While marine animals are exposed to environmental contaminants via their prey, because plastic pollution in the aquatic environment can concentrate some chemicals, ingested plastics are thought to increase the exposure of biota to contaminants. Currently, in the literature there are contradictory results relating to how higher levels of ingested plastics by birds may lead to higher levels of polychlorinated biphenyl (PCBs). To date none of these have incorporated known Toxic Equivalency Factors (TEFs) for non-ortho and mono-ortho congeners of PCB which is critical to assessing the potential effects from PCBs. We examined northern fulmars (Fulmarus glacialis) from the Labrador Sea region Canada, and the ingested plastics from these same birds for comparative PCB concentrations. We found no significant correlations between the PCB concentrations in the birds and the mass or number of retained ingested plastic pieces in the stomach, this held true when PCBs were considered by a number of different ways, including ∑4PCB, ∑PCB, lower-chlorinated, high-chlorinated, non-ortho PCB, and mono-ortho congeners. PCB concentrations were lower in plastics as compared with livers. We found significant differences in congener profiles between the ingested plastics and seabird livers suggesting that while plastics do not contribute to the PCB concentrations, there may be some interactions between plastics and the chemicals that the birds are exposed to via ingested plastics.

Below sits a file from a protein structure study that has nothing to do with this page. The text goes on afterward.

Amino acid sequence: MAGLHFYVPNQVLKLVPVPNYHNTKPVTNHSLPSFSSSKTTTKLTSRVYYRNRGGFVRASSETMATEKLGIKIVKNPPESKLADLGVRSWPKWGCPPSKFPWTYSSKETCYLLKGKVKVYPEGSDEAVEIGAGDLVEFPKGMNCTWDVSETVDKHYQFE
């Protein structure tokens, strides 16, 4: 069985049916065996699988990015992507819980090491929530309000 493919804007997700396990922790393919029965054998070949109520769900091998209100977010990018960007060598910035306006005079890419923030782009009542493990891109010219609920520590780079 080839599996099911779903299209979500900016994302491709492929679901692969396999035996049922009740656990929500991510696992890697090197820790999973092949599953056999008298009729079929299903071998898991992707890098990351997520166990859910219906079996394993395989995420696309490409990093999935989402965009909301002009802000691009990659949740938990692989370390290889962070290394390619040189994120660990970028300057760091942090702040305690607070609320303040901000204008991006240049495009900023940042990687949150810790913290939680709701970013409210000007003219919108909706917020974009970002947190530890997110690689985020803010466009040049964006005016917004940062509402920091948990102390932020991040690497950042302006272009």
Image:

Additional Metadata
Keywords Accumulation, Biotransfer, Contaminant, Plastic, Polymer, Seabird, Sub-Arctic
Persistent URL dx.doi.org/10.1016/j.envres.2018.07.025
Journal Environmental Research
Provencher, J.F. (J. F.), Avery-Gomm, S. (S.), Liboiron, M. (M.), Braune, B.M, Macaulay, J.B. (J. B.), Mallory, M.L. (M. L.), & Letcher, R.J. (2018). Are ingested plastics a vector of PCB contamination in northern fulmars from coastal Newfoundland and Labrador?. Environmental Research, 167, 184–190. doi:10.1016/j.envres.2018.07.025